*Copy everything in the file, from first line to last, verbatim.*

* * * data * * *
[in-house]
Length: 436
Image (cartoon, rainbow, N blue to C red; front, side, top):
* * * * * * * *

[in-house]
Length: 436
Image (cartoon, rainbow, N blue to C red; front, side, top):